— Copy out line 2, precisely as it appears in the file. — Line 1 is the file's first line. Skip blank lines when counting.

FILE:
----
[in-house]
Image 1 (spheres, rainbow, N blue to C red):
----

Image 1 (spheres, rainbow, N blue to C red):